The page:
You should, though, because the Queens rapper is putting out some of the raunchiest, funniest, most absurd rap out. And she's only getting started.
Here's the premiere of her new video for her song "Queef," about...well...queefing:
"Queef" is the first official track from Awkwafina's upcoming Yellow Ranger project, her first full-length album. The song and video, which was directed by Court Dunn and produced by J. Glaze, exemplify the type of uncensored, witty, hilarious stuff that first put the rapper on the map.
For the uninitiated, a "queef" is slang for vaginal flatulence, which occurs when there is an expulsion of air from the vagina, and can occur during sex or exercise, like skiing, as Awkwafina informs me during our interview.
The video shows the rapper and her friend showing up to the house of an unsuspecting "queefer," encouraging her to let go and let herself embrace her talent.
And like her other songs, the track features biting lines that nod to her hometown, like, "I queef out the chorus of 'Don't Stop Believing' so I could hit the L while all these white girls singing / Queef on the B train, queef on the E train / Chillin' at Nassau, waiting for the G train / Ninety minutes still waiting for the G train."
Awkwafina — real name Nora Lum — first came on the scene last year with "My Vag," her response to party rapper Mickey Avalon's song "My Dick," in which she compared her vagina to everything from an operatic ballad to a Range Rover to Harvard Law School. "Yo my vag Harvard Law School / Yo vag Apex Technical."
Earlier this year she turned heads with "NYC Bitche$," in which she hilariously — and rightfully — called out the changes to her hometown: "New York City, bitch / That's where I come from / Not where I moved to / On mom and dad's trust fund." The track garnered her a lot of attention on the internet, beyond just New York. And now, with new songs under her belt, along with her older material, she's readying to release her first official album, Yellow Ranger.
We caught up with Awkwafina about her latest video and how the hell one comes up with the idea for a song about queefing:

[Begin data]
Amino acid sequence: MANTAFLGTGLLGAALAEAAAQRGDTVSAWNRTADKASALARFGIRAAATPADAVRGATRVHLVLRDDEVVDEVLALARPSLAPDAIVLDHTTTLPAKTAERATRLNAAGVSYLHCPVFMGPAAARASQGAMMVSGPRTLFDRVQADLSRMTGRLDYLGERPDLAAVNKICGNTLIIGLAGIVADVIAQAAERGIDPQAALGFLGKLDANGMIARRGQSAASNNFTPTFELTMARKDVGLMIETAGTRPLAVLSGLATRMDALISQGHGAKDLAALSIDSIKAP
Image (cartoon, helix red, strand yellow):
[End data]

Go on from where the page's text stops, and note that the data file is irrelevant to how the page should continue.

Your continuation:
How do you even come up with the idea for a song about queefing?
Awkwafina: I like to make songs that are based on concepts. ["Queef"] came to me in a mind fart, that was literally a mind fart. Did you see X-Men? In X-Men there's a scene where they're starting to realize the powers they have. And that's how I thought of the concept for the song, if your power would be that you just queef and you blow people away, literally — they fly away. I imagined that, and from there you just do it. But "NYC Bitche$" is funny, I wrote that song in 15 minutes. It was the fastest song I've ever written because it was something that I really, really wanted to get out, and it was so fluid. It's usually not like that — like, "NYC Bitche$" was literally no edits, just straight 15 minutes writing it. If you have a concept, you can flesh it out and expand on it. But usually they're very spontaneous thoughts.
Queefing is definitely a more unique thought to randomly come to you.
A: It helps if you're really drunk at the time. A little tipsy eating Dominos at night. [The song] came to me initially when I thought of the X-Men concept, but I don't know how it communicates. It's a pretty ratchet video.
Is queefing something you've discovered to be a power in real life?
A: Queefing on demand? It's something I've worked very, very hard on attempting to do, but I'm not blessed with that. Sometimes people, some women, can actually do it on command.
I love how you have Showtime in your video too!
A: Oh my god, I love those guys.
Were you friendly with them before?
A: No, I creepily went up to them after I saw them perform on the Q train. I went up to them like, "Hello." It's funny, they have a leader — he's the grown-looking one. All the little ones trust this leader dude, and he has a really quiet girlfriend. He rolls with his girlfriend and these young kids, and when I gave them the money [after the video], she took the money and handed it out to all of them. They have their own system. But there are so many crews and everyone thinks it's the same one.
You were working in publishing before — how does it feel to pursue music full-time now?
A: It feels natural, it feels good. It's definitely a privilege to be able to do what you love to do; it's not something that everyone gets to do, so I feel really good about that.
Were you scared when you quit your job and made that leap? You seem really confident.
A: At my office I wasn't that confident about that, but I was at a point in my life where I didn't really know what I wanted to do. And Awkwafina's been there for so long, and given the chance [to pursue rap as a career], it was like, it's now or never.
When did your Awkwafina alter ego manifest itself?
A: Probably when I was 17, pretty young. It was just kind of a joke and it was never real, and then all of a sudden it became real. I thought of the name when I was stoned one day, very ambiance-y.
Was "My Vag" the first song you recorded?
A: I actually recorded "Flu Shot" before "My Vag." I started with me as Awkwafina reciting Othello monologues and I'd send those to my friends. It started like that and then it went into more music-y stuff.
It's awesome that you produce all your own stuff too.
A: I started by producing, and the rapping came second to that, because I wanted to fill out the beat. But I was kind of embarrassed of [the beats], so I didn't ask anybody to rap over it, I just did it myself.
What did you use to produce your music?
A: I used GarageBand and my computer keyboard. I didn't have a real keyboard or anything, it was a very Bushwick operation — very, very ghetto. But it was a start.